Approximately one in every two patients with pharmacoresistant temporal lobe epilepsy will not be rendered completely seizure-free after temporal lobe surgery. The reasons for this are unknown and are likely to be multifactorial. Quantitative volumetric magnetic resonance imaging techniques have provided limited insight into the causes of persistent postoperative seizures in patients with temporal lobe epilepsy. The relationship between postoperative outcome and preoperative pathology of white matter tracts, which constitute crucial components of epileptogenic networks, is unknown. We investigated regional tissue characteristics of preoperative temporal lobe white matter tracts known to be important in the generation and propagation of temporal lobe seizures in temporal lobe epilepsy, using diffusion tensor imaging and automated fibre quantification. We studied 43 patients with mesial temporal lobe epilepsy associated with hippocampal sclerosis and 44 healthy controls. Patients underwent preoperative imaging, amygdalohippocampectomy and postoperative assessment using the International League Against Epilepsy seizure outcome scale. From preoperative imaging, the fimbria-fornix, parahippocampal white matter bundle and uncinate fasciculus were reconstructed, and scalar diffusion metrics were calculated along the length of each tract. Altogether, 51.2% of patients were rendered completely seizure-free and 48.8% continued to experience postoperative seizure symptoms. Relative to controls, both patient groups exhibited strong and significant diffusion abnormalities along the length of the uncinate bilaterally, the ipsilateral parahippocampal white matter bundle, and the ipsilateral fimbria-fornix in regions located within the medial temporal lobe. However, only patients with persistent postoperative seizures showed evidence of significant pathology of tract sections located in the ipsilateral dorsal fornix and in the contralateral parahippocampal white matter bundle. Using receiver operating characteristic curves, diffusion characteristics of these regions could classify individual patients according to outcome with 84% sensitivity and 89% specificity. Pathological changes in the dorsal fornix were beyond the margins of resection, and contralateral parahippocampal changes may suggest a bitemporal disorder in some patients. Furthermore, diffusion characteristics of the ipsilateral uncinate could classify patients from controls with a sensitivity of 98%; importantly, by co-registering the preoperative fibre maps to postoperative surgical lacuna maps, we observed that the extent of uncinate resection was significantly greater in patients who were rendered seizure-free, suggesting that a smaller resection of the uncinate may represent insufficient disconnection of an anterior temporal epileptogenic network. These results may have the potential to be developed into imaging prognostic markers of postoperative outcome and provide new insights for why some patients with temporal lobe epilepsy continue to experience postoperative seizures.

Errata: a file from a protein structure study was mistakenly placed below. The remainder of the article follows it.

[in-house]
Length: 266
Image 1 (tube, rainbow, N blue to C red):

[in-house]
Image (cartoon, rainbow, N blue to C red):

Introduction